As such, its use does not necessarily mean that NROL-67 is too large to fit within a four metre fairing like the smaller Trumpet SIGINT satellites operated in Molniya orbits.
AV-045’s flight plan was not announced. Events in the early stages were deemed to be similar to the Mars Science Laboratory launch, with RD-180 ignition occurring at T-2.7 seconds, with the solids joining them at T-0. Around eleven tenths of a second later the Atlas lifted off to begin its ascent.
Roll, pitch and yaw manoeuvres began at around T+5.2 seconds to attain the necessary attitude to achieve its target orbit, however the early flight was close to vertical as AV-045 climbed out of the atmosphere to reach an altitude at which fairing separation can safely occur.
The solid motors burned for around 85 to 90 seconds before they separated in pairs around 27 seconds later. Fairing separation came around the three and a half minute mark, with the forward load reactor being jettisoned from the nose of the Centaur shortly afterwards. The load reactor is a device used to dampen vibrations within the fairing while it is attached, preventing acoustic damage to the satellite.
The first stage is expected to have burned out around approximately four minutes and 20 seconds after liftoff, with the last 20 seconds of the flight being made at partial thrust as the RD-180 is throttled back to limit structural loads due to acceleration. The spent CCB is expected to have separated six seconds after cutoff, with the Centaur’s RL10 engine igniting ten seconds later.
The Centaur then made two or three burns depending on the flight profile. Assuming NROL-67 goes to geosynchronous orbit, the Atlas may place it there directly, or instead the satellite might enter a transfer orbit and raise itself to the final orbit under its own power.
Direct insertion into geostationary orbit has been favoured for past NRO SIGINT launches, and is also used on some of Russia’s Proton launches. By contrast the majority of geosynchronous launches use a transfer orbit, and this approach has been used for the NRO’s Quasar satellites in the past.
Direct insertion into geostationary orbit would require a three-burn profile, while a transfer orbit could be reached in two or three burns depending on mission requirements.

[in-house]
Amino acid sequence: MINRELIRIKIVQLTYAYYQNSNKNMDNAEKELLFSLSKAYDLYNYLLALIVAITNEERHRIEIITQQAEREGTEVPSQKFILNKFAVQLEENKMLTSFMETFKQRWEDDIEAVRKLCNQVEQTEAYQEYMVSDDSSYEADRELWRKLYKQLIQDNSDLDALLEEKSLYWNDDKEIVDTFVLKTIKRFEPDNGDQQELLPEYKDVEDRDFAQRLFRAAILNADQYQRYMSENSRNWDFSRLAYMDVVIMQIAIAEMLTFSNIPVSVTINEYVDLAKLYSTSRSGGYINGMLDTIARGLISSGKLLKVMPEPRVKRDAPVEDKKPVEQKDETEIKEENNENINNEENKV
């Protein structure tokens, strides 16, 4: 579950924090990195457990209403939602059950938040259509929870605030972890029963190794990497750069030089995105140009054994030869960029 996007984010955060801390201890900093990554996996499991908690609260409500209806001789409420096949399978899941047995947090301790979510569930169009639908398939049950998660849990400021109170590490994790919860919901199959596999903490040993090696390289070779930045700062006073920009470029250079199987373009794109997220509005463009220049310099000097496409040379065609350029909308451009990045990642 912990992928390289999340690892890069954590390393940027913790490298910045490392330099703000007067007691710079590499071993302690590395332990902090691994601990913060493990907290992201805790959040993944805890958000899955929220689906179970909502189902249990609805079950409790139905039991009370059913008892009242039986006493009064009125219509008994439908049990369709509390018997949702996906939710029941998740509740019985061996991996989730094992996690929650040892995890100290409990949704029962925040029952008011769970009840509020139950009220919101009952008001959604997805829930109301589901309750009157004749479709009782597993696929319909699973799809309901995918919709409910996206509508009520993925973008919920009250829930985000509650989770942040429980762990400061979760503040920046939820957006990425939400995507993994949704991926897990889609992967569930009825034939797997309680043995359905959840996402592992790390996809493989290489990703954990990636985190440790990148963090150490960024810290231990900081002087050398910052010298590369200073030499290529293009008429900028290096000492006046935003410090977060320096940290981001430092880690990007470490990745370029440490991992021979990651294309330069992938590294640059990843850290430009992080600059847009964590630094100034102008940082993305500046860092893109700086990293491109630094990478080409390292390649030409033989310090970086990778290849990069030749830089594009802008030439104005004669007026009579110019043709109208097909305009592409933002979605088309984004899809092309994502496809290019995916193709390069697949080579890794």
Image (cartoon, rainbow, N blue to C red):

A typical ascent to a transfer orbit would use two burns; the first burn, which would be significantly longer than the second, would place the spacecraft into an elliptical parking orbit, with the Centaur then restarting to increase the apogee to geostationary altitude or above. On some missions an extended coast phase may be inserted between the burns to allow a higher perigee to be achieved.
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Alternatively, a third burn could have been made separately to raise the perigee during the coast towards apogee. A direct launch into geostationary orbit would work in much the same way, except for the third burn being made five hours after launch to circularise the orbit at apogee. In order to achieve this the Centaur must carry and extended mission kit.
For a typical mission to place a satellite directly into geostationary orbit, the Centaur would make an initial burn lasting around eight and a half minutes. After coasting for nine and a half minutes, the stage would restart and burn for about 265 seconds to reach its transfer orbit.
The Centaur would then begin rolling to maintain thermal control during its extended coast phase. After five hours and seven and a half minutes of coast, the RL10 would restart for a further two minutes to place the payload into its target orbit with spacecraft separation occurring about two and a half minutes later. ULA, later on Thursday, confirmed a successful spacecraft separation.
Thursday’s launch took place from Space Launch Complex 41 at the Cape Canaveral Air Force Station, a former Titan launch pad which is the east coast home of the Atlas V. Constructed during the 1960s, the pad has previously been used by Titan IIIC, IIIE and Titan IV rockets.
Atlas rockets are assembled in the Vertical Integration Facility to the west of the launch complex and rolled out atop a mobile launch platform.
AV-045 was originally transported to the launch pad on 24 March ahead of a launch planned for the next day. Range instrumentation problems initially led to a one-day delay, however the launch slipped further after the extent of the problem became known, with the Atlas rolling back to the VIF on 27 March.
The rocket returned to the pad Wednesday in preparation for Thursday’s launch attempt. An on-time launch will allow SpaceX to fly its CRS-3 mission early next week, another launch which was delayed by the range problems.
The launch of AV-045 marks the thirty seventh Atlas mission to depart SLC-41, and the sixty-fourth launch from the complex overall. Coming a week after the previous Atlas V lifted off from Vandenberg Air Force Base, it was America’s sixth orbital launch of 2014, the third for the Atlas V and fourth for United Launch Alliance.
The next planned mission for ULA is slated for 7 May, with an Atlas V 401 deploying the NROL-33 payload. Also slated to fly from Cape Canaveral, NROL-33 is likely to be either a Quasar communications satellite or an Intruder signals intelligence spacecraft.
(Images via ULA (Ben Cooper), USAF, ULA, SpaceX, L2 Historical and NASA).